Expert offers tips on how to manage election season stress (320x240)
Dr. Asim Shah warns that worrying about politics can lead to election stress disorder and offers tips on how to manage election season stress.

Between worrying about which candidate will win and what changes they may implement, the months leading up to Election Day can be stressful. One Baylor College of Medicine expert warns that this can lead to election stress disorder and offers tips on how to manage election season stress.

“Election stress disorder, or election blues, is a disorder that presents itself before and after election season and results in people getting frustrated, anxious, depressed and worried during election season,” said Dr. Asim Shah, professor and vice chair for community psychiatry in the Menninger Department of Psychiatry and Behavioral Sciences at Baylor. “The kinds of people that it will impact are those who have underlying anxiety and depression and those who are more sensitive to stress.”

Shah emphasized that election stress disorder is a real issue and cautions against minimizing its impact.

“The American Psychological Association has used the term election stress disorder, and in a recent poll, found that more than 50 percent of people have election stress disorder. It also affects men and women equally, and anyone could have it to some extent,” Shah said.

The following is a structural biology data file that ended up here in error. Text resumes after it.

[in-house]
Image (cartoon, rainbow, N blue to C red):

Shah also noted that it is unlikely for election stress disorder to be treated with medication. He said avoiding or alleviating stress is the best way to cope with election stress disorder and offered the suggestions below on how to do this.

• Do not start discussing the election or politics with friends because this can potentially lead to arguments that may increase stress.
• If a discussion does arise, try to change the topic or leave.
• Remember to concentrate on your day-to-day life because no matter which candidate wins, your life is not going to change instantly. The changes that each candidate purposes may take years to come to fruition or may not happen at all.
• For those who are stressed about the election, learning about the issues so they are informed also can help decrease their anxieties.
• Health habits can change when people are stressed as well. For example, people may turn to eating larger amounts of unhealthy foods to cope with the stress so be aware of what foods you are consuming.

Shah added that one of the most important ways that people can ease election stress is by enjoying activities that help them relax, whether that is reading a book or listening to music.